With an unexpected free evening in London, Dan and I grabbed last minute tickets to see Mel Brooks' Young Frankenstein at the Garrick Theatre. Although we were familiar with Mel Brooks, neither of us had seen the 1974 film on which the musical is based. We went in cold, hoping for the best.
Prior to the show we had a quick curry directly across the street at the Maharaja of India.
We had about forty-five minutes and asked them if they could serve us in a hurry. They agreed, but they were grumpy about it! The curry is very good and they did serve us quickly, but I would recommend only eating here if you're not in a rush.
Here I am outside of the Garrick Theatre with a poster of Young Frankenstein.
Here is a picture of the cast. None of the names were familiar, but they all gave a top-notch performance.
Here is a view from our seats: not bad for a last-minute booking. We got our tickets at one of the discount ticket booths, but Dan spoiled me by splurging on the best seats he was able to get. They were great!
Young Frankenstein is the story of Dr. Frederick Frankenstein (Hadley Fraser), an American medical student who is the nephew of the infamous mad-scientist, Dr. Victor Frankenstein. Frederick is embarrassed to be associated with his crazy uncle, yet when his uncle dies, Frederick is more than happy to inherit the family estate in Transylvania.
Frederick leaves his high-maintenance fiancee, Elizabeth (Dianne Pilkington) in New York and travels to Europe. He is greeted at the train station by his uncle's servant, Igor (Cory English) and introduced to a beautiful new lab assistant, Inga (Summer Strallen). Frederick is immediately attracted to Inga. On the carriage ride back to the estate, Igor fends off werewolves without Frederick noticing, trying to maintain the image that nothing in amiss.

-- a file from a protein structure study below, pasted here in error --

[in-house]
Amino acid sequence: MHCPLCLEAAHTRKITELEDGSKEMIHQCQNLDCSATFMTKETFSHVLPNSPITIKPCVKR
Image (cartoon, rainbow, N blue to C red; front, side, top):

At the estate, Frederick is introduced to the no-nonsense housekeeper, Fru Blucher (Lesley Joseph). Although it is kept hidden, Frederick manages to uncover his uncle's secret lab and rather than being mortified, he becomes intrigued by the possibility of reanimation. His uncle's experiments no longer seem outlandish.
Igor is eager to help Frederick resume the experiments and the two steal a corpse of a recently executed criminal. Frederick decides that he will transplant the brain of a local scholar into the corpse, bringing back the mind of a revered individual. It's Igor's job to steal the brain of the scholar and when that goes awry, a brain from a jar labeled "abnormal" is transplanted instead. How will Frederick cope with his newly reanimated creation, a mob of angry townspeople, and a fiancee who makes a surprise visit just as his relationship with Inga is heating up?
As I mentioned earlier, Dan and I went in with little expectations. We didn't know the story or the music, and we hadn't read any reviews. I did enjoy the stage version of Brooks' The Producers, which like Young Frankenstein, was also directed by Susan Stroman. Luckily, within the first musical number, we knew that it was going to be a great night at the theater.
Young Frankenstein is hilarious. I don't think we stopped laughing and smiling throughout the entire show. My cheeks and belly hurt! It is a true ensemble piece and every single performer gave it 110%. They were all so talented that it's impossible to pick the best performer or even a favorite character. Young Frankenstein has memorable songs and is quirky.
I've since read that the original Broadway show had mixed-reviews and that the London version has been reworked. I'm not sure what has been altered, but the version we saw is great. The London run closes in August, so make sure to see it asap. Young Frankenstein is a throughly entertaining show that I highly recommend!